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Program Name: BadgerCare Plus and Medicaid Handbook Area: Physician

Provider Enrollment and Ongoing Responsibilities : Documentation

Topic #16157

Policy Requirements for Use of Electronic Signatures on Electronic Health Records

For ForwardHealth policy areas where a signature is required, electronic signatures are acceptable as long as the signature meets the requirements. When ForwardHealth policy specifically states that a handwritten signature is required, an electronic signature will not be accepted. When ForwardHealth policy specifically states that a written signature is required, an electronic signature will be accepted.

Reimbursement for services paid to providers who do not meet all electronic signature requirements may be subject to recoupment.

Electronic Signature Definition

An electronic signature, as stated in Wis. Stats. § 137.11(8), is "an electronic sound, symbol, or process attached to or logically associated with a record and executed or adopted by a person with the intent to sign the record."

Some examples include:

  • Typed name (performer may type their complete name)
  • Number (performer may type a number unique to them)
  • Initials (performer may type initials unique to them)

All examples above must also meet all of the electronic signature requirements.

Benefits of Using Electronic Signatures

The use of electronic signatures will allow providers to:

  • Save time by streamlining the document signing process.
  • Reduce the costs of postage and mailing materials.
  • Maintain the integrity of the data submitted.
  • Increase security to aid in non-repudiation.

Electronic Signature Requirements

By following the general electronic signature requirements below, the use of electronic signatures provides a secure alternative to written signatures. These requirements align with HIPAA Privacy Rule guidelines.

General Requirements

When using an electronic signature, all of the following requirements must be met:

  • The electronic signature must be under the sole control of the rendering provider. Only the rendering provider or designee has the authority to use the rendering provider's electronic signature. Providers are required to maintain documentation that shows the electronic signature that belongs to each rendering provider if a numbering or initial system is used (e.g., what number is assigned to a specific rendering provider). This documentation must be kept confidential.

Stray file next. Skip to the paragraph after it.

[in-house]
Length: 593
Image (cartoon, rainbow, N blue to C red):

• The provider is required to have current policies and procedures regarding the use of electronic signatures. The Wisconsin DHS recommends the provider conduct an annual review of policies and procedures with those using electronic signatures to promote ongoing compliance and to address any changes in the policies and procedures.
  • The provider is required to conduct or review a security risk analysis in accordance with the requirements under 45 CFR s. 164.308(a)(1).
  • The provider is required to implement security updates as necessary and correct identified security deficiencies as part of its risk management process.
  • The provider is required to establish administrative, technical, and physical safeguards in compliance with the HIPAA Security Rule.

Electronic Health Record Signature Requirements

An EHR that utilizes electronic signatures must meet the following requirements:

  • The certification and standard criteria defined in the Health Information Technology Initial Set of Standards, Implementation Specifications, Certification Criteria for Electronic Health Record Technology Final Rule (45 CFR Part 170) and any revisions including, but not limited to, the following:
    • Assign a unique name and/or number for identifying, tracking user identity, and establishing controls that permit only authorized users to access electronic health information.
    • Record actions related to electronic health information according to the standard set forth in 45 CFR s. 170.210.
    • Enable a user to generate an audit log for a specific time period. The audit log must also have the ability to sort entries according to any of the elements specified in the standard 45 CFR s. 170.210.
    • Verify that a person or entity seeking access to electronic health information is the one claimed and is authorized to access such information.
    • Record the date, time, patient identification, and user identification when electronic health information is created, modified, accessed, or deleted. An indication of which action(s) occurred and by whom must also be recorded.
    • Use a hashing algorithm with a security strength equal to or greater than SHA-1 as specified by the NIST in FIPS PUB 180-3 (October 2008) to verify that electronic health information has not been altered. (Providers unsure whether or not they meet this guideline should contact their IT and/or security/privacy analyst.)
  • Ensure the EHR provides:
    • Nonrepudiation — assurance that the signer cannot deny signing the document in the future
    • User authentication — verification of the signer's identity at the time the signature was generated
    • Integrity of electronically signed documents — retention of data so that each record can be authenticated and attributed to the signer
    • Message integrity — certainty that the document has not been altered since it was signed
    • Capability to convert electronic documents to paper copy — the paper copy must indicate the name of the individual who electronically signed the form as well as the date electronically signed
  • Ensure electronically signed records created by the EHR have the same back-up and record retention requirements as paper records.
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